[fpc-pascal] how FPC expects string/interface/variant results?

Tomas Hajny XHajT03 at mbox.vol.cz
Wed Nov 1 17:35:41 CET 2006

Alexandre Leclerc wrote:
> 2006/11/1, Tomas Hajny <XHajT03 at mbox.vol.cz>:
>> Jonas Maebe wrote:
>> > On 01 Nov 2006, at 14:30, Alexandre Leclerc wrote:
>> >
>> >> - Can you find out how FPC expects string/interface/variant results ?
>> >>
>> >> Is there documentation where I could get this information? I think it
>> >> is about cpu registers, etc. (?)
>> >>
>> >> Also, I might ask, how does FPC expect parameters passing? And
>> Methods
>> >> parameter passing?
>> >
>> > This depends on the used calling convention. Especially on i386 there
>> > are many different ones. And from time to time this also changes to
>> > fix compatibility or performance issues. There is no definite
>> > documentation for this apart from the compiler source (which isn't
>> > easy to read, in particular if you are not even sure about concepts
>> > like cpu registers and how they can be used for parameter passing),
>> > or compiling test programs and looking at the generated assembler
>> > code (idem).
>> Although the documentation of calling conventions isn't complete, it's
>> probably worth to mention, that at least part of this information is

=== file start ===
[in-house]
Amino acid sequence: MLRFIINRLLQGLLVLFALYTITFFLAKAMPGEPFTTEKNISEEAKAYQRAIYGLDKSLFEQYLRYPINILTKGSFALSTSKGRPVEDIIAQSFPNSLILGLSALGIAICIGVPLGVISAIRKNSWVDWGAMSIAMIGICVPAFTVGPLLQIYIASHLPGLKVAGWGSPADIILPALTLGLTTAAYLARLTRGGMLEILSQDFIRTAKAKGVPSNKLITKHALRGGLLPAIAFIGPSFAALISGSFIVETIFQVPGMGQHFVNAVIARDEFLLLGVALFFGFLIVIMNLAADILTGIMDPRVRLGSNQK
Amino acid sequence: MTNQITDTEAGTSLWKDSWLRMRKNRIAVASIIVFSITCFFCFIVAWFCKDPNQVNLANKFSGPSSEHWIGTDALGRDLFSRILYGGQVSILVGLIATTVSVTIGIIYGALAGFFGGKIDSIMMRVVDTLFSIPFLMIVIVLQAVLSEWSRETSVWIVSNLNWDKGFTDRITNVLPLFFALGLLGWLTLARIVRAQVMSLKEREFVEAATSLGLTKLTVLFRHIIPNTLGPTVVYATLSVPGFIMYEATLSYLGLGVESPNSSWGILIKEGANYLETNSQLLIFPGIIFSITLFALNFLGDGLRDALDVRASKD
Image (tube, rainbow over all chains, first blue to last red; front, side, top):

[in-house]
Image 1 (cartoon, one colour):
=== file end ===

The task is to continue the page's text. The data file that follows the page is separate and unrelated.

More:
>> available in our Programmer's Guide (section Calling Conventions/Calling
>> mechanism). Additional information may be found in our mailing list
>> archive
>> (http://community.freepascal.org:10000/lists/fpc-pascal/2004-May/006960.html).
> I can read 'There are three calling conventions which have been used
> as the default in different versions of FPC'.

That's in other words what Jonas wrote too. Only two of them in stable
versions/releases, though, and no changes within one major release number
(i.e. one default convention for 1.x and another for 2.x).

> Will there be a final choice? Maybe my problem is that the calling
> convention has changed lately?

Not that recently - the calling convention hasn't changed during 2.x
lifetime. Moreover, you can still force the old behaviour, i.e. you aren't
required to change your code necessarily. However, the newer convention is
faster, which is the main reason for switching to it as new default. On
top of that, there were some minor changes required for proper
compatibility of the same calling convention with other compilers (bug
fixes). We don't expect to change the current default any more (although
we cannot guarantee that fully), and almost certainly not within 2.x
series. However, it should be always possible for you to keep using the
calling convention supported at one stage even in the future (regardless
of potential future changes of a default one).


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